But, no I've not switched camps. 98 is still cool. You have more control with 98. Yes, you can turn off things in XP, kinda like opt-out...if you can figure how to do it. But not everything can be turned off. In fact you don't even know what is turned on for crying out loud. You may not have had a problem with updates but thousands - nay, millions - do. 98 isn't "crashy". A clean installation of 98 on a decent machine can run for months without crashing. Mine do. 2000 isn't NT. Yes, it uses NTFS like XP does but NT-Win 2K was one of the biggest leaps in OSes.
|who hates it should try it for at least a month |
Please don't assume that because someone doesn't like it it's because they aren't familiar with it. I've installed it possibly before you ever saw an XP screen, I've done hundreds of installations since then on a wide variety of PCs, and I hate it. I've seen the problems first hand - from people having to throw away perfectly good peripherals because of driver issues .... to people like Brett having to give up perfectly good DOS programs and having to learn new ones. And you have less control over XP than you did with 98. Remember pre-Win 3.1 days. Uninstalling a program involved deleting a directory and poof it all went. 95 and 98 have pushed programs to be increasingly obtrusive, and XP is the worst, programs "integrate" with the OS, modify the registry, and create dependencies and you have to use the Windows uninstall utility to uninstall them. They've even taken that away from you - you can't just delete the program! What's the big deal? Well, if you run into uninstall issues, files not getting deleted, then causing problems for subsequent installations of other programs you'll know what I mean (Try installing Pinnacle Edition on a PC, then uninstall it and install Adobe Premiere, and see what happens)
You may be excited about smooth fonts and rounded corners but you fail to see that for some who don't need XP 98 is infinitely better, stable, does the job, and doesn't involve the learning of new things being foisted on them.
|XP can restore the PC to how it was before |
Pull the other one! :)
| 11:02 pm on Apr 19, 2004 (gmt 0)|
|....too much unnecessary user customisation.... |
Hmmm. Y'know, far as I'm concerned the only point in HAVING a "machine of my own" (aside from doing real work on it, of course, the which I do!) is so that I can make it "mine". If an OS of some branded version won't let me tweak to my heart's content, I wipe the drive and install a vanilla version that will. Which is exactly what I did when I bought this machine, even though Tiger/Systemax ASSURED me that their version of XPPro was NOT proprietary in any manner (they lied).
In fact, I'm fortunate enough to work for a company which allows us to customize our desktops as much as we like - as long as we don't mess with security (which I haven't done - I've only installed MORE stuff, with the IT guy's blessing.... AdAware, AdsGone, and MailWasher, all of which I paid for myself. Which is why they aren't on all of our machines at work even though I'm the only one in the office who NEVER gets crap - *shrug* - the bosses are cheap, nothing unusual about that!)
| 11:07 pm on Apr 19, 2004 (gmt 0)|
|....98 is infinitely better, stable |
I didn't find that to be true. I had actually far more trouble with 98SE than I'm having with XP (either home or work machines). In fact, I also have 98SE installed on an antique laptop (a 1997 IBM ThinkPad 150) AND an antique pieces-parts home built which started life as a Compaq Presario P120. The only reason for using 98SE on these two is that 95 is WORSE, and they're too slow (even with tons of RAM) to run XP....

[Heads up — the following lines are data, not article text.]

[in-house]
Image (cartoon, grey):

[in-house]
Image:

Y'know though, this is one of those debates that will never convert anyone, and will never die; AND it's way way off the subject of the thread.... for which I'm no doubt as much to blame as anyone!
| 9:34 am on Apr 20, 2004 (gmt 0)|
|electro: I much prefor the 'boring' skin - it is less chunky, takes less processor time to do things... |
I have noticed no difference in processor speed. But then I've always used XP on fast processors. :-)
I would have thought the speed difference was almost unmeasurable, but I will take your word for it.
Regarding the default XP skin, I've now switched to a skinning program (because only having 3 fixed skins is stupid). Now I can get any colour scheme I want! (But without resorting back to the 98 look.)
|macro: Yes, you can turn off things in XP, kinda like opt-out...if you can figure how to do it. But not everything can be turned off. In fact you don't even know what is turned on for crying out loud |
A full list of running XP services is very easy to display. From there, XP can be made to run faster by turning off unwanted services. Your last sentence above sounds almost paranoid. I didn't know what was "turned on" in 98 - I just accepted it. You have to allow the operating system some control, or it won't run properly! Unless you prefer going back to using the DOS command line. Not me.
|macro: You may not have had a problem with updates but thousands - nay, millions - do. |
I will have to take your word for that, though I doubt the figures are that high. I've not got that impression from reading years of computer magazines.
|macro: 98 isn't "crashy". A clean installation of 98 on a decent machine can run for months without crashing. |
LOL. And then what? It starts to crash. Regularly. Whereas XP is able to carry on. Any crashes can be worked around, they're not like 98 ones, due to the superior XP code based on NT. (A programmer friend informed me of the differences.) I've only had one major crash, and that was down to my graphics card. Running the same programs, 98 used to crash repeatedly. Or it would slow down so that by afternoon, it was almost useless. I used to reboot just to speed it back up sometimes.
Then there are things like faster booting, less reboots required. The list of improvements goes on and on.
It is part of the NT family. NT4 I believe. Microsoft just renamed it to make it more marketable. XP is NT5, isn't it? At least that's what many Windows screens reveal.